"The Hurt Locker" has the killer impact of the explosive devices that are the heart of its plot: It simply blows you apart and doesn't bother putting you back together again. Overwhelmingly tense, overflowing with crackling verisimilitude, it's both the film about the war in Iraq that we've been waiting for and the kind of unqualified triumph that's been long expected from director Kathryn Bigelow.
Bigelow has been on critics' watch lists since her hallucinatory early films "The Loveless" and "Near Dark." But until now she's never had a subject that so successfully utilized her gift for stylized suspense and what she calls "heightened emotional states" as this tale of a three-man U.S. Army bomb squad (tautly portrayed by Jeremy Renner, Anthony Mackie and Brian Geraghty) deployed in the terrifying streets of Baghdad.
Actually, it's unfair to burden "The Hurt Locker" with the Iraq label. It's more of a classic study of men in combat and under stress that could have taken place almost anytime, anywhere. There's no sense of winning or losing a war here, no notion of making a difference or achieving lofty geopolitical aims. But by narrowing its focus to the bomb squad's specific life or death tasks of defusing roadside IEDs (improvised explosive devices), the film manages to expand its effectiveness as well as its relevance.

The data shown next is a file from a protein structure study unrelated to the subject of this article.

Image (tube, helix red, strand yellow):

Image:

Though its themes are universal, "Hurt Locker's" specificity of action and situation are what make it compelling. Bigelow and her team bring an awesome ferocity to re-creating the unhinged mania of bomb removal in an alien, culturally unfathomable atmosphere. Here is a world where total jeopardy is the watchword, where chaos, paranoia and random chance make the rules, where the number of ways you could lose your life -- or your mind -- are infinite yet growing.